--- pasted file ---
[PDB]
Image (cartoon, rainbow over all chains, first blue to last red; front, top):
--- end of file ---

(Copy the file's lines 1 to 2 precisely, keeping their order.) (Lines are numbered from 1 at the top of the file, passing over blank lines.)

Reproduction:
[PDB]
Image (cartoon, rainbow over all chains, first blue to last red; front, top):